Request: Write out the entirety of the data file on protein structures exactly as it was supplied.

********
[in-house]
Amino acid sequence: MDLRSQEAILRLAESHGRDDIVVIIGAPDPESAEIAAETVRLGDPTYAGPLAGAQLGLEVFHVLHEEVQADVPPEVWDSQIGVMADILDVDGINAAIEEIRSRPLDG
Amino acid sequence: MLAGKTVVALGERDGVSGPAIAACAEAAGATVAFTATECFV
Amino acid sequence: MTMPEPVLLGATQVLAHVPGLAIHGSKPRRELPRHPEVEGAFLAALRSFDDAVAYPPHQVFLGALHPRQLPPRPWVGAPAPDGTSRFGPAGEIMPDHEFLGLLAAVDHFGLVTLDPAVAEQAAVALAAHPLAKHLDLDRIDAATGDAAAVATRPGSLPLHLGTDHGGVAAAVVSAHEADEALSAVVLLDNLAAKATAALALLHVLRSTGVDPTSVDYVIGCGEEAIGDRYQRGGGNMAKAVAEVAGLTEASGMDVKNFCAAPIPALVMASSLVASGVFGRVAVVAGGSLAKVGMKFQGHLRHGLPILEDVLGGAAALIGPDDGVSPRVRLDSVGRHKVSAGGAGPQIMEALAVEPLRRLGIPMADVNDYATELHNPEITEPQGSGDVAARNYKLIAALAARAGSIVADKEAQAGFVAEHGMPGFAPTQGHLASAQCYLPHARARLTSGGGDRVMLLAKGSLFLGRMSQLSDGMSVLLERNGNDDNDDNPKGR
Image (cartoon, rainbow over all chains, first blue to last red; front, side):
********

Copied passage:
[in-house]
Amino acid sequence: MDLRSQEAILRLAESHGRDDIVVIIGAPDPESAEIAAETVRLGDPTYAGPLAGAQLGLEVFHVLHEEVQADVPPEVWDSQIGVMADILDVDGINAAIEEIRSRPLDG
Amino acid sequence: MLAGKTVVALGERDGVSGPAIAACAEAAGATVAFTATECFV
Amino acid sequence: MTMPEPVLLGATQVLAHVPGLAIHGSKPRRELPRHPEVEGAFLAALRSFDDAVAYPPHQVFLGALHPRQLPPRPWVGAPAPDGTSRFGPAGEIMPDHEFLGLLAAVDHFGLVTLDPAVAEQAAVALAAHPLAKHLDLDRIDAATGDAAAVATRPGSLPLHLGTDHGGVAAAVVSAHEADEALSAVVLLDNLAAKATAALALLHVLRSTGVDPTSVDYVIGCGEEAIGDRYQRGGGNMAKAVAEVAGLTEASGMDVKNFCAAPIPALVMASSLVASGVFGRVAVVAGGSLAKVGMKFQGHLRHGLPILEDVLGGAAALIGPDDGVSPRVRLDSVGRHKVSAGGAGPQIMEALAVEPLRRLGIPMADVNDYATELHNPEITEPQGSGDVAARNYKLIAALAARAGSIVADKEAQAGFVAEHGMPGFAPTQGHLASAQCYLPHARARLTSGGGDRVMLLAKGSLFLGRMSQLSDGMSVLLERNGNDDNDDNPKGR
Image (cartoon, rainbow over all chains, first blue to last red; front, side):